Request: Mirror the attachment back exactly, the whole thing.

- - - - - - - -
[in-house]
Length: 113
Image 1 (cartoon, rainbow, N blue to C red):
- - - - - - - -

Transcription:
[in-house]
Length: 113
Image 1 (cartoon, rainbow, N blue to C red):